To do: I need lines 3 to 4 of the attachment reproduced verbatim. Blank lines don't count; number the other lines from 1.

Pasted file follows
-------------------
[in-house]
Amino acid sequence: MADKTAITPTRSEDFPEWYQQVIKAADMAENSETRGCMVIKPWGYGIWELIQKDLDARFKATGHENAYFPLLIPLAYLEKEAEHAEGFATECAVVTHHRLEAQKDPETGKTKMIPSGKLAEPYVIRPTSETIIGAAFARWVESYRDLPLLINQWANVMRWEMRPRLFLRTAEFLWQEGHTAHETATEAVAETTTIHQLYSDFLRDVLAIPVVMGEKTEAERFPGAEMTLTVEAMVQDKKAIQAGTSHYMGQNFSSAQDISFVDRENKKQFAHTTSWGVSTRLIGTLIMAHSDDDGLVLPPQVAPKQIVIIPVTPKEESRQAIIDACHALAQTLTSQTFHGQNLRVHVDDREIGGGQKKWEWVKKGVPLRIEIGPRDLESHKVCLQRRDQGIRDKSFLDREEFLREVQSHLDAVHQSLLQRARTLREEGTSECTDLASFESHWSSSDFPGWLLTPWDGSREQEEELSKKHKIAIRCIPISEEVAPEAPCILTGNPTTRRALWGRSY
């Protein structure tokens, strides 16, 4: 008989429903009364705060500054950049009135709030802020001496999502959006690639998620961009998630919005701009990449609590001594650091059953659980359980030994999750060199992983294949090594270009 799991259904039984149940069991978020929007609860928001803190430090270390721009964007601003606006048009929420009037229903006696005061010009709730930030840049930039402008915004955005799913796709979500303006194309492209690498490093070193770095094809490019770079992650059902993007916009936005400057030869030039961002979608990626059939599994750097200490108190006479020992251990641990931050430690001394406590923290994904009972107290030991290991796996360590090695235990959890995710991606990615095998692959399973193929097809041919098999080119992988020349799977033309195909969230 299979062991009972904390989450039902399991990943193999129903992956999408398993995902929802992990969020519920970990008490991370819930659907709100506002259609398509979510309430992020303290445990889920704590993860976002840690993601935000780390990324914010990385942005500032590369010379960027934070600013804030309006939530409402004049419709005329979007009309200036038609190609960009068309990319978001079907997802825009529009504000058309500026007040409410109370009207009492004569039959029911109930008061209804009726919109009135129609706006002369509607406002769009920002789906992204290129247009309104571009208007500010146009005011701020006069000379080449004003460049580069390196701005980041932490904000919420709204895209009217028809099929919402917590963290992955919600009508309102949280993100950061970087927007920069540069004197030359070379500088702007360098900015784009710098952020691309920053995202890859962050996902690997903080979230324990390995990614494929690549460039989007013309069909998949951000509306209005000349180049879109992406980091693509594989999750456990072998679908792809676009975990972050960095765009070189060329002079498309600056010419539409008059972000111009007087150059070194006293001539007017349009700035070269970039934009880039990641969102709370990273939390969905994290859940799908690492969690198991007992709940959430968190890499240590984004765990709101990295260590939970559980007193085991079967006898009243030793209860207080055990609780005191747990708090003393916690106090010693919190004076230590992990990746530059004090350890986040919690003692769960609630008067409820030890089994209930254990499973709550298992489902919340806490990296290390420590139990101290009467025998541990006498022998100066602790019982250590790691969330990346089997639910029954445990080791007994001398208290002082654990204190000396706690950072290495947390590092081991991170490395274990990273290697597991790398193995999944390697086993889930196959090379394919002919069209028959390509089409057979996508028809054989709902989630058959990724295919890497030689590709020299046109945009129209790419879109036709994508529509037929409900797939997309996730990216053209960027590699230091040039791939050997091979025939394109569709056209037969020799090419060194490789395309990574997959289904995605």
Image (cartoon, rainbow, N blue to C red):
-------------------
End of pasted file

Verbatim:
């Protein structure tokens, strides 16, 4: 008989429903009364705060500054950049009135709030802020001496999502959006690639998620961009998630919005701009990449609590001594650091059953659980359980030994999750060199992983294949090594270009 799991259904039984149940069991978020929007609860928001803190430090270390721009964007601003606006048009929420009037229903006696005061010009709730930030840049930039402008915004955005799913796709979500303006194309492209690498490093070193770095094809490019770079992650059902993007916009936005400057030869030039961002979608990626059939599994750097200490108190006479020992251990641990931050430690001394406590923290994904009972107290030991290991796996360590090695235990959890995710991606990615095998692959399973193929097809041919098999080119992988020349799977033309195909969230 299979062991009972904390989450039902399991990943193999129903992956999408398993995902929802992990969020519920970990008490991370819930659907709100506002259609398509979510309430992020303290445990889920704590993860976002840690993601935000780390990324914010990385942005500032590369010379960027934070600013804030309006939530409402004049419709005329979007009309200036038609190609960009068309990319978001079907997802825009529009504000058309500026007040409410109370009207009492004569039959029911109930008061209804009726919109009135129609706006002369509607406002769009920002789906992204290129247009309104571009208007500010146009005011701020006069000379080449004003460049580069390196701005980041932490904000919420709204895209009217028809099929919402917590963290992955919600009508309102949280993100950061970087927007920069540069004197030359070379500088702007360098900015784009710098952020691309920053995202890859962050996902690997903080979230324990390995990614494929690549460039989007013309069909998949951000509306209005000349180049879109992406980091693509594989999750456990072998679908792809676009975990972050960095765009070189060329002079498309600056010419539409008059972000111009007087150059070194006293001539007017349009700035070269970039934009880039990641969102709370990273939390969905994290859940799908690492969690198991007992709940959430968190890499240590984004765990709101990295260590939970559980007193085991079967006898009243030793209860207080055990609780005191747990708090003393916690106090010693919190004076230590992990990746530059004090350890986040919690003692769960609630008067409820030890089994209930254990499973709550298992489902919340806490990296290390420590139990101290009467025998541990006498022998100066602790019982250590790691969330990346089997639910029954445990080791007994001398208290002082654990204190000396706690950072290495947390590092081991991170490395274990990273290697597991790398193995999944390697086993889930196959090379394919002919069209028959390509089409057979996508028809054989709902989630058959990724295919890497030689590709020299046109945009129209790419879109036709994508529509037929409900797939997309996730990216053209960027590699230091040039791939050997091979025939394109569709056209037969020799090419060194490789395309990574997959289904995605």
Image (cartoon, rainbow, N blue to C red):